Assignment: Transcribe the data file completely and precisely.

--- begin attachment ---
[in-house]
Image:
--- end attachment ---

[in-house]
Image: